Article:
Thursday, 22 March 2012

World Meteorological Day: Powering our future with weather, climate and water.

 23rd March: World Meteorological Day;

The other day, World Community of Foresters, Environmentalist, Biodiversity Conservationist and Nature Lovers celebrated the World Forestry Day with a note to reach to the common man, the importance of forest and the need for its conservation with sustainable utility. While celebrating the day, emphasis regarding the link between the green coverage and stream flow would have been definitely made, and so came the importance of forest for water and water for life.

Because they purify and slow the flow of water to the sea, helping to control floods and water pollution, the wetlands are considered as “the world’s kidneys.” As water is essential for food production whose demand is ever escalating owing to the arithmetic rise in worlds population, the foresters then joined the FAO agencies and world community to celebrate the importance of water on World Water Day yesterday with the theme “Water and Food Security.”

Forests are further considered as “the world’s lungs” because they take carbon from the atmosphere and produce oxygen, and it is this function that has attracted growing attention in recent years as the world faces the challenge of Climate Change. And as the world celebrates the World Meteorological Day today, the need for conservation of forest to ameliorate the climate is re-emphasized. The theme for World Meteorological Day 2012 is “Powering our future with weather, climate and water,” and this focuses on the critical roles of weather, climate and water services in powering a sustainable future for us and for generations to come.
Photo courtesy of Satori13  

Every year news headlines the newspapers where hurricanes and storms devastated the homes of civilians, where drought hit the farms of our peasants, and where the impact of climate change has is painfully felt. The greatest injustice on our watch is that those who did the least to cause climate change are the first and hardest hit.

So, to secure the life of our successors fully lies in the present generations. In this regard, Michel Jarraud, Secretary-General of WMO has conveyed a message to the world and some important excerpts are as follows;

“Certain human activities are contributing to the warming of the climate system and have dire effects on our natural environment, such as increases in global average air and ocean temperatures, widespread melting of snow and ice and rising global average sea levels.”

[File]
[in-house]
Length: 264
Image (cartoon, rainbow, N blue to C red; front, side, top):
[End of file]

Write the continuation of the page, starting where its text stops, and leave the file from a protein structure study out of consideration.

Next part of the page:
“It will be extremely important to ensure that in all our efforts to implement the Global Framework for Climate Services (GFCS), in particular to contribute to sustainable development, we always keep in mind the need to minimize as much as possible the atmospheric release of greenhouse gases.”


“Vulnerable communities around the globe are struggling to increase their effectiveness in preventing or mitigating natural disasters, close to 90 per cent of which over the last 50 years have been linked to weather, climate and water hazards.

 “WMO has continued to stress that Least-developed Countries (LDCs), Small Island Developing States (SIDS) and other vulnerable developing countries should be increasingly empowered to use early warning systems to safeguard their fragile sustainable development, as well as the environment and the global climate, for present and future generations.”


“While many renewable energy projects must necessarily be large-scale, several ‘green’ technologies like wind, solar and hydropower are especially well-suited for the rural and remote areas,”

“Biomass production involves using garbage or even crops, such as corn, sugar cane or other vegetation, to generate bio-fuel or as a direct combustion material. However, care must be exercised not to release an even more powerful greenhouse gas into the atmosphere than the one we seek to avoid in the first place, as well as not to jeopardize, through energy generation, the food security resources of the concerned population.”


“By scaling up renewable energy and other low-emission technologies, it would be possible to provide universal access to modern energy services by 2030 without significantly increasing greenhouse gas emissions.”

“The 13 warmest years on record have all occurred since 1997 and global temperatures in 2011 were higher than any previous La Niña year, an event which usually has a cooling influence. Concentrations of greenhouse gases in the atmosphere have continued to increase unabated, reaching an all-time high in 2011.”

           Read the full Message HERE;


image courtesy: google images;


3 comments:

  1. WOW! Too many days to remember from now on and I don't think I can grasp all of the days though.

    Anyways, the closer I become with nature, the more I will be remember :D

    I hope this technique work and help me.

    ReplyDelete
  2. Too many days from the calender are advocated for creating awareness regarding the issues of various natural elements, and the impact of messaged conveyed on the day should be felt through out the year.
    It might work with u, the technique u r adopting. :D

    ReplyDelete
  3. As humans are forgetful,need too many days to remind us to adopt the importance of essential elements and their impacts......

    ReplyDelete